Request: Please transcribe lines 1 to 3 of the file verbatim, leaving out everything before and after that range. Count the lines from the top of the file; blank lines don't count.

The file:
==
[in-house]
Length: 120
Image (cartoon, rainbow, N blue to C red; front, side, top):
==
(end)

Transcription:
[in-house]
Length: 120
Image (cartoon, rainbow, N blue to C red; front, side, top):